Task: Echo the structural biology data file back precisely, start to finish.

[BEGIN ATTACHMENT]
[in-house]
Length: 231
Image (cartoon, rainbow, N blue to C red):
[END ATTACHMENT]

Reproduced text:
[in-house]
Length: 231
Image (cartoon, rainbow, N blue to C red):